So here was the first cab off the block.
I have an older Supergirl which I will go through later. But I wanted to show you guys Batman as I kept a pretty detailed process diary of how it all came together.
SKETCHES: Ok, so Lee Ann (Ororo on the comments) asked me to do a head and shoulders of Batman for her nephew. Normally, I would have shot her a bunch of sketches to approve. Generally my sketches are quick visual ideas exploring poses and lighting. But Lee Ann found a convention sketch that I did of Batman that she liked. She wanted a full version of this.
PRE-PRODUCTION: I had the pose and I also had a very distinct lighting in mind. So I found a cape and a lycra top, set up my lighting and made myself Batman-stern. Ten shots later I found the one I wanted. No, you don't get to see it. =)
I did so some shots with the head down, like the sketch, but they just didn't work. The head up had a sense of majesty and nobility. The head down made him look really mean and also the lighting wasn't as nice.
LINEART: Heh. The stage I spent the most time on looks like I spent the least on. You'd think Batman woud be easy, right? But for me, every character involves investigation as to what they look like for me. Sure, I could draw someone else's Batman, but that's not MY Batman. I decided I wanted his cowl to always be scowling like the early Neal Adams and recent Alex Ross versions. I initially drew all these lines around the cheeks too, but they just didn't work. I also liked the more "techy" feel of Simone Bianche's and the Batman Begins versions. So I started drawing all these lines on that made it look like a helmet. But that sucked. So I erased them all and went for something really simple. When I look at the lineart (even though I tweaked the lips a lot) it still looks like me. Heh. Let's see if I can fix that at the next stage.
GREY TONE: I then paste into the lineart a watercolour texture that I painted myself. I then use the dodge and burn tool to create my shadows using my photo as reference. In my photo it had a very strong dramatic top light and I really wanted to emphasize that. It threw the eyes into shadows and had these huge, dark obscuring shadows that created a great sense of mystery. Unfortunately it just looked really dark and menacing to me. Given it was for a kid, I needed to tone this down. So I threw in what is known as a "fill light" from his right hand side (over his right shoulder). This enabled me to break up those shadows and show his eyes as well as the right side of his body (that was all originally just black).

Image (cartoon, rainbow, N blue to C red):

BACKGROUND1: Lee Anne just wanted a blank or textured background. For me this usually means finding a nice photo or texture that I can paste in behind the figure with minimal adjustment. I also let my backgrounds define my colour scheme. I liked the idea of a sunset or sunrise; Batman about to head off into the night to work, or just about to finish up.
BACKGROUND 2: I then found this other background of buildings and pasted it in over the sky. I added a layer effect (multiply) then played with both layers for a bit to make them merge stylishly. Surprisingly, I didn't do any colour balancing work. I liked the palette just the way it was.
COLOUR1: So as I mentioned, I let my backgrounds dictate my colour scheme. I'm a big fan of ambient light. I then painted in his face, eyes (blue - I think Alex Ross made them brown, but I needed blue for this painting) and symbol.
COLOUR 2: This is where I merge the background and the foreground. On the right side of him I started to colour in that fill light that I had painted in at the greyscale stage. I sampled colours from the background and painted them over him to give him depth and make him feel like he is actually THERE.
AIRBRUSH: The last thing I do is go in with a low opacity air brush and make my lighting as dramatic as possible. In this case it was indicating all the areas that I first planned for. The top of his head, nose, left cheek, upper lip, chin and shouders were all strongly illuminated on my photo reference and with the airbrush tool I make them pop dramatically. My goal at this stage is to add an extra sense of drama and create a lighting effect that would take thousands of dollars to set up normally.
So that's my Batman for Lee Ann and her nephew. Enjoy guys!
Coming up next is Lilithia (an original character) for Stef.
Still taking them. Even if you're just curious, shoot me an email for the pricing document that should answer all your questions. I recommend Aussie based people to get in early as I'm heading overseas sooner than I thought. More on that next post...
Ok, here's some photos of what I'm talking about. This is the cover of the booklet:
This is each of the interior pages and the back cover.
As I said, it's 12 pages, full colour on beautiful cardstock, A5 (fold an A4 page in half). They're $12 + $2 postage in Australia or $5 for anywhere else.
Happy to sign em up and send em off. They're the only way you're going to get any of my HEROES prints as I'm not selling them individually.